The Motion in the name of the noble Lord the Captain of the Gentlemen-at-Arms--may I call him the Government Chief Whip; it is so much quicker?--suggests to me that a very important decision on the whole course of the Bill will possibly be taken in the early hours of the morning. That is not a proper thing to do on such an important issue. I hope that the usual channels will consider the question of the timing, whatever the result of our debate on this Motion, and ensure that it is such that we can do our job properly.

Lord Barnett: My Lords, I confess to being somewhat confused by some of the remarks that I have heard. I do not pretend to be as humble as the noble Earl, Lord Ferrers, in these matters. At the end of the Motion moved by my noble friend are the words,

    "the Bill be recommitted to a Committee of the Whole House".

I simply do not understand how that in any way prevents Members of this House moving amendments and doing what they like, in whatever time they like.

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We all want to discuss the three options. It is no use the noble Lord, Lord Elton, pointing at me; I have just read the words on the Order Paper.

Lord Elton: My Lords, will the noble Lord give way?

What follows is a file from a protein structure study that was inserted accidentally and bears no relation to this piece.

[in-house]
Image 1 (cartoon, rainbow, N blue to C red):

Lord Barnett: My Lords, certainly I shall. I am not supposed to give way, but I shall do so.

Lord Elton: My Lords, the Motion also contains the words,

    "no amendments be considered except any amendments to".

Lord Barnett: My Lords, the noble Lord should read on. The Motion goes on to say that, after that has been done, the Bill is to be recommitted to a Committee of the Whole House. So we can discuss the matter again, and again, and again, as often happens.

As I understand my noble friend, his main point is that we all wanted to have the right to vote on the three options. That is what we shall have. We do not need to discuss thousands of amendments. I cannot understand why anyone finds that so misleading.

Lord Dean of Harptree: My Lords, the original Motion tabled by the Government on Monday allowed for no amendments except those tabled by the Government. I believe that that is unprecedented. The amended Motion tabled today does provide for recommital, but it does not remove the objections that apply to this procedure. I suggest that it is for your Lordships to decide what amendments to table to a Bill rather than for the Government. This House prides itself on its revising role. That means that all amendments tabled by your Lordships can be considered. All noble Lords can take part in the debates.

I suggest that this Motion rides roughshod over that essential element in our procedure. It deprives the House of its right to decide how best to hold the Government to account. I hope that the noble Lord the Government Chief Whip will recognise the very strong feeling that exists on this matter and that he will be prepared to withdraw his Motion. I believe that it is dangerous and sinister, and I hope that the House will have none of it.